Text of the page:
- Associated Press - Wednesday, July 20, 2016

PHOENIX (AP) - Months after three homicide victims’ bodies were found on a desert property in western Arizona, a sheriff’s official says the investigation is at a point where he’s confident authorities know who was responsible.

However, La Paz County sheriff’s Lt. Curt Bagby said no charges have been filed in the April killings of three Washington state residents because the suspect remains jailed in another case.

Bagby said that allows the homicide investigation to gradually move forward as DNA evidence is processed before charges are filed.

“It’s not forgotten,” Bagby said of the triple homicide.

The suspect, 25-year-old Kitage Lynch of Phoenix, awaits trial in Maricopa County Superior Court in Phoenix on crimes accusing him of shooting at police in Glendale just days after the victims’ bodies were found.

Lynch has pleaded not guilty in the Glendale case. His defense attorney in that case, Bruce Alldredge, didn’t immediately respond to a request by The Associated Press for comment. A senior La Paz County prosecutor, Chief Deputy County Attorney Karen Hobbs, also did not immediately return a call for comment on the triple homicide case.

Bagby said during a phone interview there’s no indication that more than one person was responsible for the killings of 83-year-old Lester Lindsay and 76-year-old Ella Lindsay, a married couple from Wenatchee, Washington, and 81-year-old Alice Boyd of Bingen, Washington.

“I’m confident with our preliminary physical and biological (evidence) that we do have the right guy,” he said. “We are very confident that he was alone.”

Witnesses have said they saw a person matching Lynch’s description “kind of wandering” near the area of the homicides and investigators suspect Lynch somehow was stranded and that obtaining transportation may have been a motive for the killings, Bagby said.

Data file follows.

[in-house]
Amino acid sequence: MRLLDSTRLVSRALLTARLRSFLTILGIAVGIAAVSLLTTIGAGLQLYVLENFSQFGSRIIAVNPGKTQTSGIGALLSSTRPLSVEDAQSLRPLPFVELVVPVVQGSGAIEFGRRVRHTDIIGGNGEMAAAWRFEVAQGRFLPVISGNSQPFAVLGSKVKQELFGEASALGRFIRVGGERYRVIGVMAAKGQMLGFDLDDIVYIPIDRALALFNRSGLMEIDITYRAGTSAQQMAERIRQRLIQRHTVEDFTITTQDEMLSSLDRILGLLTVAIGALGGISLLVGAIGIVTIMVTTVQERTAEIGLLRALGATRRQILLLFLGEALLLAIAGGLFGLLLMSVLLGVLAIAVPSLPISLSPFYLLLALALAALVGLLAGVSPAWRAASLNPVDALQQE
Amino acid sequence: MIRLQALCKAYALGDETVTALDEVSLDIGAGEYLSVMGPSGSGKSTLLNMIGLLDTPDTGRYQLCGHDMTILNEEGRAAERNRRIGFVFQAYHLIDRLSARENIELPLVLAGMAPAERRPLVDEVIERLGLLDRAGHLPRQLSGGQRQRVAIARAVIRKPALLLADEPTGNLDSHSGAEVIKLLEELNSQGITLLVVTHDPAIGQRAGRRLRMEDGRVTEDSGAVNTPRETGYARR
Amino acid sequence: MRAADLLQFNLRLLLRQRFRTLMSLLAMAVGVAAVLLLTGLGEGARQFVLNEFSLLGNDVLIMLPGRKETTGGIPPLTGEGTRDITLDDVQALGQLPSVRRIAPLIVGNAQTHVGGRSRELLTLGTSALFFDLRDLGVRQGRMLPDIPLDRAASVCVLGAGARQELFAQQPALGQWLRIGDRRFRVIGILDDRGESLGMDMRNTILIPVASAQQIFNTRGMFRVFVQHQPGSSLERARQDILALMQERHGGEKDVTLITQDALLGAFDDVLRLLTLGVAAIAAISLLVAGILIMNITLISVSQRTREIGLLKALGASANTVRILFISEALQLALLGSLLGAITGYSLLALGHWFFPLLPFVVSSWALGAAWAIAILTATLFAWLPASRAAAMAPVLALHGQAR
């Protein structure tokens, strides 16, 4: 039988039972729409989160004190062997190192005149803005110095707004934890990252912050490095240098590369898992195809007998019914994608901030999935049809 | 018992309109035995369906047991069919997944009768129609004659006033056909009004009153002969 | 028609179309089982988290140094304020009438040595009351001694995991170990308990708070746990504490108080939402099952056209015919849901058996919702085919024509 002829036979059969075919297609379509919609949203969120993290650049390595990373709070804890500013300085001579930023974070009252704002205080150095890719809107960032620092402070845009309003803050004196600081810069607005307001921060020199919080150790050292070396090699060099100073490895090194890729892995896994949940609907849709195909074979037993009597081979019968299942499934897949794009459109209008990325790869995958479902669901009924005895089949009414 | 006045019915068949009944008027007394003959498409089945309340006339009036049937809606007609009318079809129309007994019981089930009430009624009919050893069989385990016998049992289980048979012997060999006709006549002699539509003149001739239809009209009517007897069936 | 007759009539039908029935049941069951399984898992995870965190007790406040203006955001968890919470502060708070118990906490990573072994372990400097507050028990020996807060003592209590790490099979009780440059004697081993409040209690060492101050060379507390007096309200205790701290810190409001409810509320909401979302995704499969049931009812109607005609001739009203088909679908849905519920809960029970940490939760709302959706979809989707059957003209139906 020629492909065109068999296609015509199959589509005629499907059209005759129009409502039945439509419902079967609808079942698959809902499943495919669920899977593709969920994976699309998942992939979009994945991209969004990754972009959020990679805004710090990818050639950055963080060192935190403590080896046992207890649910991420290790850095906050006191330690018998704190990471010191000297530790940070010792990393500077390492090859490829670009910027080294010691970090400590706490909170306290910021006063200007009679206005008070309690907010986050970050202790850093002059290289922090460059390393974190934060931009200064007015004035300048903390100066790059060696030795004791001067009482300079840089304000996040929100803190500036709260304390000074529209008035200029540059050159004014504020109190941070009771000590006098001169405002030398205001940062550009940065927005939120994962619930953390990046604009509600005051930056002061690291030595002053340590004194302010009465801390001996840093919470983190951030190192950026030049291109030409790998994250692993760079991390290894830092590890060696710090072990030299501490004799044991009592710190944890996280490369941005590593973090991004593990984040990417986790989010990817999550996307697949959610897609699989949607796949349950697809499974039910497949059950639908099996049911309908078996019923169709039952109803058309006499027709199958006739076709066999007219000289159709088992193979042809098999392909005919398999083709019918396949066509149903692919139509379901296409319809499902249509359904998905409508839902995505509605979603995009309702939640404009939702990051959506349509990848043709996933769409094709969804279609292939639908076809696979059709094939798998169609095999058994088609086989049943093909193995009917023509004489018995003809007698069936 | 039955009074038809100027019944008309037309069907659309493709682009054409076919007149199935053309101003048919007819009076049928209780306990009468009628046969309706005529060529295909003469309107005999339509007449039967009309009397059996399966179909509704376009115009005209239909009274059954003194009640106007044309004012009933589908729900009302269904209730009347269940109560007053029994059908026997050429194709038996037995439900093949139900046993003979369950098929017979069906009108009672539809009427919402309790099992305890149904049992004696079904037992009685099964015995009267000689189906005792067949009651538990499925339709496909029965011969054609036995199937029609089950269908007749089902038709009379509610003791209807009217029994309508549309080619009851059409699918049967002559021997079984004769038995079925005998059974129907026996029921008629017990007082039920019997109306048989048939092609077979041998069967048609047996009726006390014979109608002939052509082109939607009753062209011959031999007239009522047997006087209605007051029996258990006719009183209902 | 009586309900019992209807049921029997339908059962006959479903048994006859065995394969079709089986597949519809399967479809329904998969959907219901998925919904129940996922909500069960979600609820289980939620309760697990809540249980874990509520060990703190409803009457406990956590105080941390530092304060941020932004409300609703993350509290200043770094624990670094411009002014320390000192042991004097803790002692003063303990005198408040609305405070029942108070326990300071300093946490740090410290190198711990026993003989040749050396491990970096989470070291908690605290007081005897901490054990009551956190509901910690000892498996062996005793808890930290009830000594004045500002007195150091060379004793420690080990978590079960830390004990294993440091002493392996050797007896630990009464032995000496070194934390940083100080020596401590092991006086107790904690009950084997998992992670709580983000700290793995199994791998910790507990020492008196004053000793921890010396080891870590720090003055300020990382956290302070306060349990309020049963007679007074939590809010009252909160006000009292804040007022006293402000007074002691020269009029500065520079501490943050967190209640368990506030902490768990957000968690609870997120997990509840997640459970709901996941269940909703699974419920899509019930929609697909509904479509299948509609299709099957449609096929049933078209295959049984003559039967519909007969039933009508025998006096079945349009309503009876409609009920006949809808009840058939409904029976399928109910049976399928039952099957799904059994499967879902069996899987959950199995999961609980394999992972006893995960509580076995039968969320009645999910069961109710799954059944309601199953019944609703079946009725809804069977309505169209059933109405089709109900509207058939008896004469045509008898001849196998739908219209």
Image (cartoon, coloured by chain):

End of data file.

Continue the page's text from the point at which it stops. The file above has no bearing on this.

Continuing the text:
Authorities have previously said Lynch had a vehicle of one of the homicide victims and a gun stolen from the La Paz County location when he was arrested in Glendale after allegedly shooting at officers who responded to a report of a man firing a gun in a field. Neither officer was injured.

“We know how he got out of there,” Bagby said, referring to the La Paz County location. “We don’t know how he got there.”

To avoid releasing graphic information that could taint a pool of potential jurors, Bagby said authorities are withholding details on the manner of death.

Bagby said investigators are awaiting results of DNA tests to compare hair and blood samples obtained from Lynch with evidence from the homicide scene. Holding off on filing charges in the homicides avoids starting a legal clock on speedy trial deadlines, Bagby said.

With Lynch behind bars in the Glendale case, “in a way we’re kind of happy they have their own charges,” Bagby said.

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